Regular W-2 employees are entitled to numerous benefits and protections under the law, including overtime pay, unemployment insurance, sick leave and, for many employers, health insurance. Employers are also subject to punitive damages for breaking many of the laws applicable to W-2 employees. But independent contractor status has its benefits too – an oftentimes higher […]
Category: Labor & Employment
After several years of stalled attempts, the Massachusetts Legislature has passed a comprehensive though largely self-defeating bill regulating the use of non-competition agreements. The bill, which was appended to a larger economic development package signed by Governor Baker on August 10, 2018, will become effective to all non-competes executed on or after October 1, 2018, and […]
Maracallo et als. v. Patriots Environmental Corp. et als. Worcester Superior Court C.A. 1585CV00554-B In this case, three closely-held asbestos abatement contractors and their common owners (the defendants) operated an employee retirement fund into which a certain percentage of prevailing wages earned by employees (our clients) was supposed to be deposited. These wages were earned […]
Remillard v. United States Office of Workers’ Compensation Programs U.S. Department of Labor, Office of Workers’ Compensation Programs Our office successfully appealed the denial of our client’s continuation of pay benefits from the United States Postal Service. Thereafter, the client was approved by the Department of Labor for a schedule award compensating him for 12% permanent impairment […]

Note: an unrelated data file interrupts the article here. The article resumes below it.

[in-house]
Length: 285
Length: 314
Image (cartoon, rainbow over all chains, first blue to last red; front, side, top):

Massachusetts Independent Contractor (IC) Advisory: Client Control May Nullify Independent Contractor Massachusetts business owners who wish to utilize independent contractors should be mindful of the amount of control exercised over these workers by clients of the business, as it is now clear that such control can be imparted to the employing unit for the purposes […]
Freehart et al. v. Charlton Welding et al. Worcester Superior Court C.A. 2013-0633-C Our office successfully moved for summary judgment in favor of the defendant (a commercial trucking company) on all of the plaintiffs’ overtime claims, worth approximately $186,000.00, after the plaintiffs were determined to be exempt from mandatory overtime pay under the state and federal motor carrier exemptions.
In an important decision for employers, the Massachusetts Commission Against Discrimination recently clarified the scope and purpose of its anti-retaliation statute, and awarded damages to an employee who was terminated for submitting an internal complaint of sexual harassment directed by one of her co-workers towards another co-worker.
The question of what deductions can be permissibly taken from employee earnings presents a legal minefield for many employers.
In Boston Scientific Corp. v. Lee, the United States District Court in Massachusetts provided several considerations that weigh against restricting an employee’s right to work for competitors solely because the terms of a confidentiality or “non-disclosure” agreement have been breached.
Employers of all sizes should understand the difference between direct and indirect claims for employment discrimination.